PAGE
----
If you're going to invest in the high-risk, high-reward stakes of heart drugs, you've got to be ready for the crashes. Merck's
On the recommendation of the Data and Safety Monitoring Board overseeing the two clinical studies that Merck is conducting with vorapaxar, one of them -- codenamed Tracer -- is being stopped, and another trial called TRA-2P will be scaled back to exclude patients who have previously had a stroke.
Merck didn't say exactly why the trials were being stopped, but many people -- this Fool included -- think excessive bleeding is the likely culprit. Bleeding is often a problem with these anticlotting agents because it's hard to hit the small window where you keep a clot from forming but don't go too far and cause bleeding.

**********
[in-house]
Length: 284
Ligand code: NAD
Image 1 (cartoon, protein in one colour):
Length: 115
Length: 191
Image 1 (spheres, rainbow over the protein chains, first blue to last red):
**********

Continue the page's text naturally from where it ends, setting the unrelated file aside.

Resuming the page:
Even if a reduction in heart attacks by vorapaxar makes up for the increased bleeding, doctors might not prescribe it. Eli Lilly's
The knockdown yesterday was well deserved. Merck -- and Schering-Plough, before Merck bought it -- spent a lot of money on vorapaxar in hopes of it becoming a multibillion-dollar drug. That seems unlikely at this point.
But the loss isn't a complete knockout for Merck, either. Investing in heart drugs, which require large clinical trials, may be risky, but Merck has a decent pipeline of drugs. If it can get a hit, especially for a drug such as odanacatib in the large osteoporosis market, Merck's shares could be headed in the other direction.
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Fool contributor Brian Orelli, Ph.D., doesn't own shares of any company mentioned in this article. We Fools may not all hold the same opinions, but we all believe that considering a diverse range of insights makes us better investors. The Fool has a disclosure policy.
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